About two weeks ago, an older man who collected recyclable aluminum cans on a daily basis was physically assaulted in the early morning hours during one of his regular rounds.
To protect his privacy, and that of his family, I will not use his real name nor identify his place of residence. Someone hit him in the back of the head and was still listed as critical at an area hospital several days after the incident, according to a close friend of the family.
From what I was told, the man who is either in his late 60s or early 70s and was unemployed at the time of the attack, has been supplementing his income even when he had a job by collecting soda cans that he would later sell at a recycling facility. He would get up as early as 4 o’clock in the morning, ride his bicycle and do his rounds and then report to work at 7 a.m.
With the money he earned from collecting cans, he was able to pay his plane fare and visit family in the old country every year and still had a little bit of spare change for allowance. He was also happy to share with relatives and friends the good news that he was able to help a relative in the old country purchase a passenger tricycle that he needed to earn a living and feed his family.
But that’s not what caught my interest in the injured man’s plight. It was the comment made by someone with whom I shared the story that bothered me enough to do a little bit of research. Maybe the victim was targeted by other can collectors who did not want anyone messing up with their turf, I was told. After all, pull tabs from those soda cans are fetching quite a bit of money with a gallon of them fetching as much as, say, $600 if you sell them to the right people in San Francisco.
I’ve heard the same thing about the pull tabs from a number of people in the last few months but never gave them too much attention. But a weekly magazine I bought recently at the grocery store had an article about a woman artist who turned those pull tabs into works of art – bracelets and earrings, for example. Initially, she gave these as gifts to family and friends. Soon, others were clamoring for them that she decided to sell them. Her cottage business took off to the extent she was able to raise enough revenue to help finance her children’s college education. And all she needed to do was ask family and friends, and friends of friends, to save the pull tabs for her projects.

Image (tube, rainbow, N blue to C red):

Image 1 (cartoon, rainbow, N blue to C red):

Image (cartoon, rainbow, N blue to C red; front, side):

The magazine story did not say whether she bought those pull tabs from the people who gave them away, and for how much.
I would have dropped the story right there and then, but the incident involving the man who was beaten up while collecting cans for recycling prompted me to delve into the truth about pull tabs. If it’s true that these featherweight, very utilitarian soda-can appendages fetch that kind of money, that would be a believable motive for hurting an innocent and quiet grandfather who was simply trying to eke out a living, I surmised.
But was it?
My online research led me to www.snopes.com, a web site that is dedicated to digging into the reality roots of urban legends and rumors. Snopes’ investigation came up with a veritable amount of interesting information about pull tabs.
For one thing, it would take a million pull tabs to get a recycle value of $366. “And that’s before you factor in what it costs to collect, store, and transport them to a recycling center which will pay cash for them. When you consider the time and effort it takes to collect a million of anything, it’s a wonder anyone would go to all that trouble for a mere $366. Far better to ask everyone you know for a penny in place of each pull tab they would have given you – at least then when you were done collecting your million, you’d have $10,000 to donate to your charity,” the web site explains.
Then it adds, “To put this in even clearer perspective, 100 pull tabs have a scrap metal value of about 3-1/2 cents.”
Apparently, according to this web site, a number of people – and even non-profit organizations – have been duped into believing that there’s a pot of gold in pull tabs. Still, outside of the hoaxes, pull tabs are a viable way to help a good cause but not to the extent of a get-rich-quick scheme that some would lead others to believe.
For more on the truth about pull tabs from aluminum cans, their redemption value and stories involving individuals and organizations raising money by collecting these items, visit www.snopes.com/business/redeem/pulltabs.asp.